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For their own good
Fifty years ago, they were screwed-up kids sent to the Florida School for Boys to be straightened out. But now they are screwed-up men, scarred by the whippings they endured. Read the story and see a video and portrait gallery.
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ABC's Jackson calls it a career
By SHARON GINN
Published April 28, 2006
After having a bird's-eye view from the press box for many of the best college football games in history, the last thing Keith Jackson wanted to do was "die in a stadium parking lot," he said in Thursday's New York Times.
So Jackson, 77, is finally retiring for good after nearly 40 years as the voice of college football, even though ABC and ESPN wanted him to return for another season.
"When he expressed to us that he was considering retirement, we repeatedly tried to convince him otherwise, but completely respect his decision," said Norby Williamson, an ESPN/ABC executive vice president, in a statement Thursday. "As it turns out, it's fitting that Keith's final game call was the 2006 Rose Bowl, a historic event where Keith was right where he belonged - as the great narrator, skillfully articulating the drama for a captivated audience."
Jackson, ABC's primary voice of college football since 1967, retired for the first time in 1998. But he was lured back with the promise he would be able to stick close to his West Coast home. Lately it had become too much: Jackson told the New York Times he was feeling his age and no longer wished to do so much traveling.
"I don't want to get back into the pressure cooker of play-by-play and worry about travel," Jackson said in the article. "I don't want to die in a stadium parking lot."
In recent years, Jackson also has been showing his age, often making errors on the air even as he retained his signature charm and his stature as one of the nation's most beloved sportscasters. In his mind there was no better time to stop.
"The people at ABC and ESPN did everything they could to get me to come back," Jackson said in a statement. "But sometimes you know when it is time to hang it up. And I felt it was time. ... I am looking forward to being the shop steward of the international porch-sitter's union this fall."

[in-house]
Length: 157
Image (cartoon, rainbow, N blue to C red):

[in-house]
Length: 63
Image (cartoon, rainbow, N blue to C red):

Jackson's retirement is not the only major change to football . Eras are ending everywhere: Fox has the rights to the Bowl Championship Series, long held by ABC, and Monday Night Football is moving from ABC to cable partner ESPN.
NBC's Sunday night games, meanwhile, will become the NFL's new weekly showcase. The former MNF team of Al Michaels and John Madden will be joined by Andrea Kremer - until recently a key face of ESPN - as sideline and feature reporter. NBC also announced Thursday that Peter King, Sports Illustrated's NFL reporter and managing editor of HBO's Inside the NFL, will join Bob Costas, Cris Collinsworth and Jerome Bettis for NBC's pregame studio show.
Noted NFL sideline reporters Armen Keteyian and Bonnie Bernstein have left CBS Sports, with Keteyian heading to the network's news division and Bernstein starting her own consulting business. And Bryant Gumbel will be back in the booth doing play by play for the first time in decades as lead voice of the NFL Network's new eight-game package. While he has never called an NFL game, network officials say they want Gumbel's style to be more "conversational and informational" than the typical broadcast.
For conversational, however, it's hard to imagine anyone better than Jackson, whose charm and down-to-earth manner won viewers over for decades. But now it is time, he said, for "going off like an old man and sitting by the creek."
Before you go, Keith, could you do us a favor? Tell us a little more about that creek.